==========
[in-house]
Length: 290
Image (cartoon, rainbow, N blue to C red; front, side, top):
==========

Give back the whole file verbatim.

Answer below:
[in-house]
Length: 290
Image (cartoon, rainbow, N blue to C red; front, side, top):